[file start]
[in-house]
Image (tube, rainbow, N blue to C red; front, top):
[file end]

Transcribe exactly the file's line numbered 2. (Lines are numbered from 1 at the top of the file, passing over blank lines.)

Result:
Image (tube, rainbow, N blue to C red; front, top):